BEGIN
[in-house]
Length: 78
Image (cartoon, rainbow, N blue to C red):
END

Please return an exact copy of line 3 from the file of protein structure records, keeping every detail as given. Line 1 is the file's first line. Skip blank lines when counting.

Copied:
Image (cartoon, rainbow, N blue to C red):